Ex-NFL quarterback describes life after his failed suicide attempt in 2015

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Erik Kramer quarterbacked the Lions to their last postseason win in 1992. Getty Images

Former Lions quarterback Erik Kramer is lucky to be alive. Less than a year ago, Kramer tried to take his own life while sitting alone in a hotel room in Southern California.

Over a period of two months, Kramer slowly lost the will to live, so he decided to plan his suicide: He bought a gun, he wrote suicide letters for various family members, he was ready for life to end.

On Aug. 18, 2015, he shot himself in the head, and survived.

In an interview with the Detroit Free Press, the former NFL quarterback finally opened up about what led to his suicide attempt and how his life's going now.

On the night of his suicide attempt, Kramer drove to a hotel in Calabasas, California, a city about 30 miles outside of Los Angeles.

"It was time to either do it or not do it," Kramer told the Free Press. "I think I hung out for a little bit. I think I may have gone to eat some dinner somewhere and then came back and, I don't know what time, but sort of took the gun, crawled into bed and pulled the trigger."

Kramer didn't die, but the bullet did do some serious damage. According to the Free Press, the bullet "traveled through his chin, left a hole in his tongue, went up through his sinus cavities and out the top of his head."

The damage was so devastating that Kramer was placed in a medically induced coma for six weeks.

After news first broke of Kramer's suicide attempt, his ex-wife, Marshawn, attributed it to depression brought on by playing football.

"He is a very amazing man, a beautiful soul, but he has suffered depression since he was with the Bears," Marshawn said in August 2015. "I can promise you he is not the same man I married."

Kramer admits that football may have been one of the causes of his depression, but not for the reason you think. The former NFL quarterback doesn't think concussions played a part in his deteriorating mental health.

"I've thought about that often, but nothing really stands out as connecting football to the sort of feeling I've had with depression," Kramer said. "It very well may be linked. It doesn't feel like it to me."

Instead, Kramer believes his depression started after he was injured in 1994, his first of five years with the Chicago Bears.

"I think it was the fall from grace (that first brought on the depression)," Kramer said. "Coming in as the starter and the free agent and then getting hurt, feeling better after a few weeks, like I could play, but then not getting an opportunity to. And I think that all played a part in it."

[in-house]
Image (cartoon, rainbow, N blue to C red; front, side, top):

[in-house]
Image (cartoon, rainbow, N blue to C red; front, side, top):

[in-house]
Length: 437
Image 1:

Kramer's depression was exacerbated during retirement: His 18-year-old son died of a heroin overdose in 2011 and his mom died of cancer in 2012.

"I would say there was an emptiness," Kramer said.

In June 2015, Kramer started to have suicidal thoughts. He would finally shoot himself two months later.

Despite being shot from point-blank range, Kramer told the Free Press that he didn't suffer any "permanent sensory loss nor significant cognitive impairment."

Kramer was lucky and he knows it.

"I don't want to tempt fate but, at this point, I feel very good," Kramer said. "And so my hope is to just keep living life and keep contributing and keep all that going."

It's been nine months since Kramer's failed suicide attempt and he's just happy to be alive.

Kramer's name is still a well-known one in the annals of the NFC Central/NFC North.

Kramer played for the Bears from 1994-98, a span that includes a 1995 season in which Kramer set Chicago single-season records for touchdown passes (29) and passing yards (3,838). As of the end of the 2015 season, both records still stand.

The 51-year-old was also the starting quarterback for the Lions during their last postseason win, which was a 38-6 thrashing of the Cowboys in January 1992. Kramer threw for 341 yards and three touchdowns in that game.

CBS Sports Writer

John Breech has been at CBS Sports since July 2011 and currently spends most of his time writing about the NFL. He's believed to be one of only three people in the world who thinks that Andy Dalton will... Full Bio

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